The molecular format of STaMPtides was designed as a single-chain (Fig. 1b) so that they can be biologically expressed. STaMPtides consisted of multiple macrocyclic peptides closed by disulfide bonds between cysteines, the C- and N-termini of which were linked by a peptide linker. Expression vectors encoding STaMPtides were transformed into C. glutamicum for secretion, as previously reported21, and supernatants were obtained for the analysis of the expression results and preliminary evaluation of the activities of STaMPtides without macrocyclization or enzymatic cleavage (Fig. 1c). To obtain purified STaMPtides, conventional purification by high-performance liquid chromatography (HPLC) was performed.

Expression of hepatocyte growth factor mimetic STaMPtides

We designed and expressed STaMPtides with a peptide sequence of a macrocyclic peptide aMD4, which was discovered as a binder against human Met, a receptor of hepatocyte growth factor (HGF)6. Since dimers of aMD4 activate endogenous human Met in the same manner as canonical HGF, it is suitable to show the applicability of STaMPtides to artificial growth factor mimetics. Because aMD4 contains a noncanonical amino acid and a macrocyclic structure6, we needed to slightly modify its structure to make it biologically expressible. Specifically, a modified macrocyclic peptide aMD4dY was designed by elimination of an N-terminal noncanonical amino acid (d-Tyr) of aMD4 and replacement of an intramolecular thioether linkage by a disulfide linkage (Supplementary Table 1). Despite the structural replacement, aMD4dY retained its binding capacity to human Met, as indicated by surface plasmon resonance (SPR) analysis (Supplementary Fig. 1a and Supplementary Table 2).

To develop HGF mimetic STaMPtides, two aMD4dY macrocyclic peptide moieties were designed to be linked by conventional Gly-Ser (GS) and Pro-Ala (PA) tandem repeats of various lengths to determine optimal expression results and HGF mimetic activity (Fig. 2a and Supplementary Table 1). Pro-Ala-tandem sequences were selected because they are highly resistant to proteases and slightly immunogenic and form a random coil structure as well as conventional PEG linkers22,23. Expression vectors encoding the HGF mimetic STaMPtides designed were transformed and expressed by C. glutamicum, as reported21, and supernatants were analyzed by sodium dodecyl sulfate–polyacrylamide gel electrophoresis (SDS-PAGE) after decellularization (Fig. 2b). HGF mimetic STaMPtides using PA linkers could be expressed with high efficiency (Supplementary Table 3) from short linkers (8 amino acids) to long linkers (200 amino acids) in a low background of host cell proteins, while those using GS linkers had relatively low efficiency. This result indicated that PA linkers are suitable as peptide linkers for STaMPtides in terms of expression. However, the bands considered to be STaMPtides were detected on the high-molecular-weight (MW) sides of the SDS-PAGE gel rather than the expected MWs because of the large size-exclusion volume of PA linkers22. Thus, we analyzed the molecular masses of the expressed STaMPtides with PA linkers to ensure that the STaMPtides were accurately secreted (Supplementary Fig. 2a–e). The detection of expected masses indicated that the STaMPtides were expressed as designed.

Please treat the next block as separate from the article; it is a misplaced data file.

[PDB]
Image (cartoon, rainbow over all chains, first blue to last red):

Fig. 2: Production of HGF mimetic STaMPtides.
figure 2

a Chemical structure of HGF mimetic aMD4dY-PA22. b SDS-PAGE analysis of secreted linker variants of HGF mimetic STaMPtides. Red dots indicate STaMPtide-derived bands. M: marker, NC: negative control supernatant (mock-vector-transfected). c Identification of disulfide bonds of aMD4dY-PA22. aMD4dY-PA22 was submitted for thermolysin digestion without reductive alkylation, and peptide fragments were analyzed by LC–MS/MS. The base peak chromatogram of 5–15 min is shown, and peaks of disulfide-containing fragments are highlighted in green boxes.